Geography: Vulcanicity




Most volcanic activity is associated with plate tectonic processes and is mainly located along plate margins.

  • along oceanic ridges where plates are moving apart - Mid Atlantic ridge
  • rift valleys. African rift valley has a number of volcanoes along it including Mt Kenya
  • on or near subduction zones. 'ring of fire' that surrounds the pacific ocean is assoiciated with subduction
  • over hot spots such as the one in the middle of the Pacific ocean
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Type of magma - Acidic (rhyolite)

Characteristics - Slow flowing viscous

Type of eruption - Potentially explosive: lava shatters into pieces

Materials erupted - Lava bombs, ash, dust

Frequency - Infrequent: long dormancy period

Volcano - Composite and ash-cinder

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Type of magma - Basaltic (basalt)

Characteristics - Runny

Type of eruption - Little violence: gases easily escape

Materials erupted - Mainly lava

Frequency - Regular and can be continuous

Volcano - Lava Plateau and shiel

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Intrusive landforms

Magma is intruded into the crust, where it later solidifies into a range of features.

Sill - sheet-like intrusive igneous rock formed when magma is injected into sedimentary bedding surfaces. Usually form from low viscosity magma. (High force waterfall, River Tees)

Dyke - a vertical intrusion with horizontal cooling cracks. Cut across the bedding planes of rock. (Isouthern isle of arran, scotland)

Batholith - large body of igneous rock formed beneath the Earth’s surface by the intrusion and solidification of magma. It is commonly composed of coarse-grained rocks (e.g., granite ) with a surface exposure of 100 square km or larger, (Hambledown Tor, Dartmoor)

Note: the area surrounding the Batholith is altered by the heat and pressure of the intrusion to form metamorphic aureole (i.e limestone can be turned into marble)

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Major extrusive landforms


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Major extrusive landforms

Lava plateau - generally flat and featureless. Basaltic in nature and therefore travel great distances. (Antrim laval plateau, Northern Ireland - covers an area of about 1650 Km2)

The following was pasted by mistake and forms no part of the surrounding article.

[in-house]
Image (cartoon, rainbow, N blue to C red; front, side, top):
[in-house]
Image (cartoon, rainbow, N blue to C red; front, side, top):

Basic/shield volcano - formed from free flowing lava. gentle sides and cover a great area. (Mauna Loa, Hawaii - 4km above sea level)

Acid/Dome volcano - steep-sided convex cones, consiting of viscous lava (Rhyolite). (Puy, south-central France)

Ash and cinder volcano - formed from ash and cinder and volcanic bombs ejected from the crater. sides are steep and symmetrical. (Paricutin, Mexico -1,345 feet above ground)

Composite cones - consists of layers of ash and lava, usually Andesitic. (Mt Etna, Sicily - 10,925 feet)

Calderas - build-up of gases, which eventually cause so much oressure to build up, that an extremem expolsion takes place, removing the summit. crater left can be flooded by the sea or become a lake. (Krakatoa, Indonesia - indo-australian plate subduction)

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Minor extrusive landforms

Geyser - Surface water works its way down to an average depth of around 2,000 metres (6,600 ft) where it meets up with hot rocks. The resultant boiling of the pressurized water results in the geyser effect of hot water and steam spraying out of the geyser's surface vent. (Old Faithful, Yellowstone National Park, Wyoming, USA)

Hot springs - A hot spring is a spring that is produced by the emergence of geothermally heated groundwater from the Earth's crust. (Hanmar Springs, NZ)

Boiling mud - If a Hot spring mixes with surface depsosits, boiling mud is formed. (Many can be found in Iceland)

Solfatara - Small volcanic areas without cones, produced by gases (Sulphurous) escaping to the surface. (Bay of Naples, Italy)

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really good and really useful =) thanx

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